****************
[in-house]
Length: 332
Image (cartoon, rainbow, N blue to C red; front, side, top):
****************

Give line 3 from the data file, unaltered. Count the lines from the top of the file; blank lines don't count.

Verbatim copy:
Image (cartoon, rainbow, N blue to C red; front, side, top):